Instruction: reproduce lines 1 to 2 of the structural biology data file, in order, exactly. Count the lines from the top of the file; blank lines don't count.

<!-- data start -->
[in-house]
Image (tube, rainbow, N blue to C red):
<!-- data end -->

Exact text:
[in-house]
Image (tube, rainbow, N blue to C red):